Mechanical Classifiers

Hitzrot, H. W.
Organization: Society for Mining, Metallurgy & Exploration
Pages: 14
Publication Date: Jan 1, 1985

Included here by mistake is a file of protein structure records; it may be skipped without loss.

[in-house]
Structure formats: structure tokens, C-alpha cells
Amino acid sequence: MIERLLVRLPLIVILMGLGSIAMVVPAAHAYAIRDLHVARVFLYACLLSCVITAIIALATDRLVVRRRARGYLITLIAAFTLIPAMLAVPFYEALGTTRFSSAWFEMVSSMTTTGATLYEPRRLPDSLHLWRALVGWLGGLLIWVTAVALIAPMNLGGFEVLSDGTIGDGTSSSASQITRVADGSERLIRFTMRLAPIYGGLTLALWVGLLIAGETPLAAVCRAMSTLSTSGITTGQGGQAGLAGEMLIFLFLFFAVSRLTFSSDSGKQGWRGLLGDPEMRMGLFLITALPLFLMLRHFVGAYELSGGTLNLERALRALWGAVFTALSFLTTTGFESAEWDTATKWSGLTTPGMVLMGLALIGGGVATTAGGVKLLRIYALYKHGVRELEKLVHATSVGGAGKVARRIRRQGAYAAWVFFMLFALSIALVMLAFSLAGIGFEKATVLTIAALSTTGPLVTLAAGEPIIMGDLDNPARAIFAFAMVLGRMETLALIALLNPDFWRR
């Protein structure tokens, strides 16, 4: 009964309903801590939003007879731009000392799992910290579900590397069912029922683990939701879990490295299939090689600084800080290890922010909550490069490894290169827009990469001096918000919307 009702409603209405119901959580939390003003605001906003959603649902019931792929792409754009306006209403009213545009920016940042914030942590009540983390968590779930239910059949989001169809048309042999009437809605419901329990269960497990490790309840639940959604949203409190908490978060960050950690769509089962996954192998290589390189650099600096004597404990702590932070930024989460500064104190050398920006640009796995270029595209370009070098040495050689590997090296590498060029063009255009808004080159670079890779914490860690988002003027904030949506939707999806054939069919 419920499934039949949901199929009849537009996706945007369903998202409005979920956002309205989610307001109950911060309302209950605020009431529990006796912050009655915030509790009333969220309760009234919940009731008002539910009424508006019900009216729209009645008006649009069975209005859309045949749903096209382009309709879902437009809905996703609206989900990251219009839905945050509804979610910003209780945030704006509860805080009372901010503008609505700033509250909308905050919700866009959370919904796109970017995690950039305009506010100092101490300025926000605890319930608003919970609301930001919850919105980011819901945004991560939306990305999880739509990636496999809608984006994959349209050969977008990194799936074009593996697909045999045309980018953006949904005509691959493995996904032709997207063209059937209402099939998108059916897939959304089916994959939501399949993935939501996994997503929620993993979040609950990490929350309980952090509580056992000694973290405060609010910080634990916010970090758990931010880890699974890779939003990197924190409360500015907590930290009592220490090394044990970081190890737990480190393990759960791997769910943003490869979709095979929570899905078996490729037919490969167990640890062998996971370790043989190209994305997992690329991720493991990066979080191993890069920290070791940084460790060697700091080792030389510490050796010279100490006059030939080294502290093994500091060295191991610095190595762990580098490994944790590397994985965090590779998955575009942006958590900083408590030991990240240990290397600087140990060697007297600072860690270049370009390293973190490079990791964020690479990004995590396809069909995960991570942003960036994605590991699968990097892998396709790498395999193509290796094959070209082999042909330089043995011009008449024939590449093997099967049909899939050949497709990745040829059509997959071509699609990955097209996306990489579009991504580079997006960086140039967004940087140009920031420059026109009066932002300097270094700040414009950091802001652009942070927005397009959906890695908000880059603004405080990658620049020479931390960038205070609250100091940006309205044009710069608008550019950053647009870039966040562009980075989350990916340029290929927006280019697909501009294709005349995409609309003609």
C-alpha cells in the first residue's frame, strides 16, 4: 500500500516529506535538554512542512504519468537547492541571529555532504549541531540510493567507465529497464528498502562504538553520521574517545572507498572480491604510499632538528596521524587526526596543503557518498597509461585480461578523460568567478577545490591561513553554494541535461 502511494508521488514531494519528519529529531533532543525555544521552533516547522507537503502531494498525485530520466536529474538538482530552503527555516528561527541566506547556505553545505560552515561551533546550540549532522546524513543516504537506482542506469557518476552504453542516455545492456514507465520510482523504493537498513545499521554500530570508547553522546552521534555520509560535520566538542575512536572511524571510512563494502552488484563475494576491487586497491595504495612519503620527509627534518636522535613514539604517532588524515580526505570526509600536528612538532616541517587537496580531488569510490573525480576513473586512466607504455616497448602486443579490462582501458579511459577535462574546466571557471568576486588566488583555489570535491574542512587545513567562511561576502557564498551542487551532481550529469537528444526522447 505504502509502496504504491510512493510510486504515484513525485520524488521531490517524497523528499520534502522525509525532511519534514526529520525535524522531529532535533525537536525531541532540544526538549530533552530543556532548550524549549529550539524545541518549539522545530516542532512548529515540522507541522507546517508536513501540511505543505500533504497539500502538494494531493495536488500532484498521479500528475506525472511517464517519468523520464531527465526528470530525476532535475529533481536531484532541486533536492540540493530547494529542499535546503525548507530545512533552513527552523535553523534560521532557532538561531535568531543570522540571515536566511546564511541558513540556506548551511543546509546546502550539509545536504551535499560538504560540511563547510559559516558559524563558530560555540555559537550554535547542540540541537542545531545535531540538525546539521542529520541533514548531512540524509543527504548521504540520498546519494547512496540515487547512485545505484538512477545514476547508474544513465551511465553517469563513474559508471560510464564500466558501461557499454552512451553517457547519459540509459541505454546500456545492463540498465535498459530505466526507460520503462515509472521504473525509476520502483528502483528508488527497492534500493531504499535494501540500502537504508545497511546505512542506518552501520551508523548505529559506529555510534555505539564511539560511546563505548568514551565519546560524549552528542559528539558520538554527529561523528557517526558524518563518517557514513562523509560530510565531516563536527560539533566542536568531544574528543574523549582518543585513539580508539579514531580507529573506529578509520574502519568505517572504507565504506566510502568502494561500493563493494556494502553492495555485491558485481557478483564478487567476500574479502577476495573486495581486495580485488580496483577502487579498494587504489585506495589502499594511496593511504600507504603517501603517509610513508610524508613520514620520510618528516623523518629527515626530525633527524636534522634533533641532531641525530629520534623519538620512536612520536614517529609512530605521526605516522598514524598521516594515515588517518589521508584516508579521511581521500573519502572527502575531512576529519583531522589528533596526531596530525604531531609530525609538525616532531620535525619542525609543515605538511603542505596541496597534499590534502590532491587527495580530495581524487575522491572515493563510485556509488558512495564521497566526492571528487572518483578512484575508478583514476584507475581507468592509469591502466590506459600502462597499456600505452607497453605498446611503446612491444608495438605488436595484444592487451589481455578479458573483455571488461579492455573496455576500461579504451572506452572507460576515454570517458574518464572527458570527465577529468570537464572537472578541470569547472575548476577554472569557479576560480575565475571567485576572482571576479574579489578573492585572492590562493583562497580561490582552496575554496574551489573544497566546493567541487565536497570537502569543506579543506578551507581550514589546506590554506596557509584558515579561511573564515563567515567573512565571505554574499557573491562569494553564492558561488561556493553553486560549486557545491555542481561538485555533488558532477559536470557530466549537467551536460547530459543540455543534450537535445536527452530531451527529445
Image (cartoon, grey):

Introduction Mechanical classifiers consist of a settling tank with parallel sides and a sloping bottom equipped with a mechanism which continuously agitates the pulp and removes the settled solids. The functions served by mechanical classifiers include the following: (1) allow the particles larger than the desired size to settle in the tank and provide an overflow product with a minimum of oversize particles, (2) produce an overflow product of sufficiently high solids content to meet the requirements of the subsequent processing steps, (3) agitate the pulp and permit separation of the entrapped undersize particles so they can report in the overflow product, and (4) drain and remove the underflow solids from the settling pool. Various types of mechanisms have been used to agitate the pulp and remove the settled solids, which include: (I) endless belt and chain drags, (2) reciprocating rakes, (3) helical flights mounted on a rotating shaft which extends through the settling pool, (4) helical flights inside of a rotating drum which contains the classifier pool, (5) troughed conveyor belts forming the settling pool in the concave curve of the belt closely following the tail pulley, and (6) low-speed impellers agitating the underflow settled in the apex of cone-type mechanical classifiers.23 The principal use of mechanical classifiers has been in closed¬-circuit wet grinding; however, this application has been widely displaced over the past few decades by the hydrocyclone. The hydrocyclone installation, including its feed pump, offers lower capital costs and requires less floor space. Nominally it produces an overflow prod¬uct of higher solids content, compared with a mechanical classifier, for comparable classification size up to 400µm (35 mesh). However, these advantages of the hydrocyclone are being gained at the sacrifice of some of the advantages of the mechanical classifier. The mechanical classifier requires less power and has lower maintenance costs than the hydrocyclone and its feed pump. The underflow product from the mechanical classifier can have a higher solids content and contain less entrapped undersize particles than the comparable product from the hydrocyclone. Consequently, it is capable of operating at a higher classification efficiency. A reduced circulating load24, 25 results under these conditions in a closed-circuit grinding application. Other applications for mechanical classifiers include desliming, dewatering, and washing operations. Sand-slime separation may be achieved using one or more stages of mechanical classifiers. Typical applications would include washing and deslimining of concrete aggre¬gate or sand; glass sand; abrasives; oyster shells; phosphate rock; iron, nickel, and chromium ores; alumina; zeolites; solar salt; and precipitates from chemical processing. As an example for the latter, Bitzer26 recommended the use of mechanical classifiers for countercur¬rent cementation-in-pulp of copper from the leach liquor. Similarly, mechanical classifiers are used in uranium processing27 for separation of the barren sands from the pregnant leach solution. Depending on the particle size and the effectiveness of the sand¬slime separation, the sand product from mechanical classifiers may be drained to solids content approaching 84%. Thus, mechanical classifiers are frequently used as dewatering equipment for various applications, such as: 1) Make a product having suitable solids content for subsequent transport by belt conveyor. 2) Provide a drained product to reduce cost of drying. 3) Provide a drained, washed, heavy sand product for return to the circuit. 4) Recover fine values from dilute plant effluents from coal, sand, phosphate-rock, and iron-ore washing plants and from steel-mill flue¬dust scrubbers. 5) Drain residual reagents of a preceding process stage prior to conditioning with reagents of different characteristics, e.g., cationic¬anionic flotation of phosphate rock, iron ore, etc. Design and Operating Features The proper selection of mechanical classification equipment re¬quires that the properties of the solids and liquid are adequately de¬fined. The following descriptive information regarding the solids is desired: feed rate, chemical and physical composition, density, tem¬perature, size analysis, and desired separation size. For the liquid used, the following data would be needed: feed rate, density, viscosity, pH, and temperature. Settling Area. The pool area required to permit a particle larger than the separation size to settle depends on the density and shape of the particle and on the density and viscosity of the pulp within the classifier pool. These criteria of the solids and pulp determine the settling rate which, in turn, determines the settling area required. Determination of the settling rate by long-tube batch tests can be used to calculate the settling area. A theoretical approach for estimat¬ing the settling area requirements is discussed in Chapter 1, Classifica¬tion Theory. This procedure can be used when neither test data nor empirical data from similar operations are available. Data on settling-area requirements and settling rates have been compiled by the manufacturers of mechanical classifiers. The approxi¬mate settling area required for a particular separation size can be estimated by using the curve shown in Fig. 65. This curve applies for closed-circuit grinding applications. For dilute velocity classification in open circuit, desliming, the length of the overflow weir, W, multiplied by the weir's mean distance from the feed opening, E, is used as the design criterion, instead of the settling area, in sizing the classifier. The area requirements, W X E, for dilute velocity classification can be expressed in terms of volumetric flow, Q, and settling rate, Rs, as follows: W x E = Q/(18.06 Rs) where W and E are feet, Q is gallons per minute, and Rs is inches per second. Overflow Weir. The hydraulic head, and thus the velocity at which the overflow crests the overflow weir, is one of the factors controlling the particle size of classification. Consequently, the length of the overflow weir must be designed to provide the overflow velocity which allows the particles larger than the desired size of classification to settle in the working area of the pool. Obtaining the necessary